However, the technology is also a high priority for Canberra, even though the language in the document was “somewhat vague,” said Malcolm Davis, a senior defense analyst at the Australian Strategic Policy Institute, a prominent think tank.

“The way Australia does policy, I think maybe it’s a little bit more cautious in its public pronouncements than the U.S. is,” he said. “But when you look beneath the surface and you speak to people in defense, it’s a very different picture. They are very focused on this. They are very clear in where they’re going.

“The very fact that we’ve now signed this agreement with the United States a mere few months after the release of the defense strategic update should tell you that we are very committed to developing hypersonic weapons,” he added.

Concerns about China are motivating Canberra’s push for new long-range strike capabilities.

Although the defense strategic update doesn’t explicitly name China as a threat, “everyone understands that’s what the document is about,” Davis said.

The Pentagon has a number of other hypersonics projects underway such as the Air-Launched Rapid Response Weapon, also known as ARRW or “Arrow,” which would utilize rockets to boost the systems into their glide phase.

However, SCIFiRE’s pursuit of air-breathing propulsion technology could offer an advantage by enabling hypersonic missiles to be carried by a broader array of tactical aircraft than the rocket-propelled systems.

“Scramjet technology in cruise missiles allows us to make hypersonic weapons that are cheaper and smaller — small enough to be able to go onto our fighter inventory,” U.S. Assistant Secretary of the Air Force for Acquisition, Technology and Logistics Will Roper told reporters during a Defense Writers Group event. “As we look to [aircraft] programs like F-15EX that can carry quite a lot of weapons externally, having something that can be a hypersonic strike platform closer in creates another conundrum for an adversary.”

Davis said the systems could be carried by Australia’s F/A-18F Super Hornets, and perhaps by robotic wingmen that are being designed to accompany fighter jets into battle.

Boeing Australia has already built an Airpower Teaming System drone, and the U.S. Air Force has its own robotic wingman program known as Skyborg.

Jim Faist, the Pentagon’s director of defense research and engineering for advanced capabilities, noted that digital engineering tools will be used to explore options.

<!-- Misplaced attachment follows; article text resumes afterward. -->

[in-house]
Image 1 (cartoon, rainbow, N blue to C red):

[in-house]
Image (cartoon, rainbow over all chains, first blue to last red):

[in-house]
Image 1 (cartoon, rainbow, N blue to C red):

“We’re trying to build digital twins of these systems,” he said in an interview. “The hope is that through digital twins, we can accelerate the transition onto many different types of platforms. … It’s part of the design work on SCIFiRE. We’ll be looking at that ease of integration on disparate platforms that we have in the services.”

While the new cruise missiles will initially be deployed on aircraft, Davis envisions the technology evolving over time into sea-launched or ground-launched systems.

“It’s an air-launched hypersonic strike weapon for attacking ground targets or maritime targets, but it also blazes the trail for much more capable, longer-range weapons systems down the track,” Davis said.

Notably, both countries intend for the weapons to remain conventional and not be armed with nuclear warheads.

Pentagon officials see a number of benefits in partnering with Australia.

The U.S. treaty ally was previously a major contributor to a long-running joint research initiative known as the Hypersonic International Flight Research Experimentation, or HIFiRE, program, which explored the fundamental science of the technology and its potential for next-generation aeronautical systems.

Building the new prototypes and putting them through their paces will require complex infrastructure such as wind tunnels for the development cycle as well as ranges that can accommodate full-scale flight tests, Faist noted.

Australia has “world-class” flight-testing capabilities, he added, including a facility in Woomera.

The Australians also bring a lot of know-how to the table, U.S. officials say.

“They really are excellent in the science and technology of hypersonics and … they have worked closely with us for a long time. And we like working with them,” said Robert Joseph, the U.S. Air Force’s chief scientist.